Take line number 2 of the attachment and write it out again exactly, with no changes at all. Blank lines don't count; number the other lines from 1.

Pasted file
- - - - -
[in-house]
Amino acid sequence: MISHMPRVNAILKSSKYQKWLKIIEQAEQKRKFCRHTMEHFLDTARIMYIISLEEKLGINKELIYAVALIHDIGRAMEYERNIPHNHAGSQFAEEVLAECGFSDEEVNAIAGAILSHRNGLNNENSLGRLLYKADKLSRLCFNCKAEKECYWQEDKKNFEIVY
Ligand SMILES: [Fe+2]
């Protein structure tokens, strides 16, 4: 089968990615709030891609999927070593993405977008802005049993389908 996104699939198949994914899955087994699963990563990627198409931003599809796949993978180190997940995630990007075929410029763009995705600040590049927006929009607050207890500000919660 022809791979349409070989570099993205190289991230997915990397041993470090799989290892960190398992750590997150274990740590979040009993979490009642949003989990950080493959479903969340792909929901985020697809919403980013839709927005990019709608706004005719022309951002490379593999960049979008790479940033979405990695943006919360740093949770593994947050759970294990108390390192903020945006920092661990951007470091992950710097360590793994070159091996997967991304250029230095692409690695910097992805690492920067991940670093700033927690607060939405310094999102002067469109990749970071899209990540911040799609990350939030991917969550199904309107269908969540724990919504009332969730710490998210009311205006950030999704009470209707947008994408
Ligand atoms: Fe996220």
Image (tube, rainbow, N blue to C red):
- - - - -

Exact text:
Amino acid sequence: MISHMPRVNAILKSSKYQKWLKIIEQAEQKRKFCRHTMEHFLDTARIMYIISLEEKLGINKELIYAVALIHDIGRAMEYERNIPHNHAGSQFAEEVLAECGFSDEEVNAIAGAILSHRNGLNNENSLGRLLYKADKLSRLCFNCKAEKECYWQEDKKNFEIVY